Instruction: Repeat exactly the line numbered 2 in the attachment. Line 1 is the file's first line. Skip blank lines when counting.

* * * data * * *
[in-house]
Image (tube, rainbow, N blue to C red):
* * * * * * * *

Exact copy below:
Image (tube, rainbow, N blue to C red):